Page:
16.2 Cerebellum 267

16.3 Input to the Cerebellum Through the Peduncles 271

16.4 Input to the Cerebellum 272

16.5 Cerebellar Output 273

16.6 Cerebellar Circuitry 273

16.7 Common Discharge Paths 273

16.8 Cerebellar Functions 274

16.9 Manifestations of Injuries to the Motor System 275

16.10 Decorticate Versus Decerebrate Rigidity 278

16.11 Epilogue 278

Further Reading 279

Chapter 17 The Olfactory and Gustatory Systems 283

17.1 The Olfactory System 283

17.2 The Gustatory System 290

Further Reading 295

Chapter 18 The Limbic System 299

18.1 Historical Aspects 299

18.2 Anatomy of the Limbic System 300

18.3 Cyclic Paths of the Limbic System 306

18.4 The Human Limbic System: A Case Study 306

18.5 Descending Limbic Paths 307

18.6 Functional Aspects of the Human Limbic System 307

18.7 Limbic System Disorders 308

18.8 Injuries to Limbic Constituents 309

18.9 Psychosurgery of the Limbic System 309

Further Reading 310

Chapter 19 The Hypothalamus 313

19.1 Hypothalamic Zones (Medial to Lateral) 313

19.2 Hypothalamic Regions (Anterior to Posterior) 315

19.3 Hypothalamic Nuclei 315

19.4 Fiber Connections 321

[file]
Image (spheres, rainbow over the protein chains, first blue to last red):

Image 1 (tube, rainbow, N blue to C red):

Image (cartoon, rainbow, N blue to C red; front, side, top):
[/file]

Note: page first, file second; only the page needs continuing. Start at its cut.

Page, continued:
19.5 Functions of the Hypothalamus 322

Further Reading 324

Chapter 20 The Autonomic Nervous System 327

20.1 Historical Aspects 327

20.2 Structural Aspects 328

20.3 Somatic Efferents Versus Visceral Efferents 331

20.4 Visceral Afferents 331

20.5 Regulation of the Autonomic Nervous System 333

20.6 Disorders of the Autonomic Nervous System 333

Further Reading 334

Chapter 21 The Cerebral Hemispheres 337

21.1 Facts and Figures 337

21.2 Cortical Neurons 338

21.3 Cortical Layers 338

21.4 Cortical Columns (Microarchitecture) 343

21.5 Functional Aspects of the Cerebral Cortex 343

21.6 Cerebral Dominance, Lateralization, and Asymmetry 343

21.7 Frontal Lobe 343

21.8 Parietal Lobe 347

21.9 Occipital Lobe 354

21.10 Temporal Lobe 354

21.11 Insula 357

21.12 Aphasia 358

21.13 Alexia 360

21.14 Apraxia 360

21.15 Gerstmann’s Syndrome 360

21.16 Agnosia 360

21.17 Dyslexia 360

Further Reading 361

Chapter 22 Blood Supply to the Central Nervous System 365

22.1 Cerebral Circulation 365

22.2 Aortic Arch, Brachiocephalic Trunk, and Subclavian Vessels 366

22.3 Vertebral–Basilar Arterial System 366

22.4 Blood Supply to the Spinal Cord 368

22.5 Blood Supply to the Brain Stem and Cerebellum 372

22.6 Common Carotid Artery 378

22.7 Blood Supply to the Cerebral Hemispheres 379

22.8 Cerebral Arterial Circle 383

22.9 Embryological Considerations 384

22.10 Vascular Injuries 384

Further Reading 384

Chapter 23 The Meninges, Ventricular System, and Cerebrospinal Fluid 387

23.1 The Cranial Meninges and Related Spaces 387

23.2 Ventricular System 391

23.3 Cerebrospinal Fluid 393

Further Reading 394

Figure and Table References 395

Index 399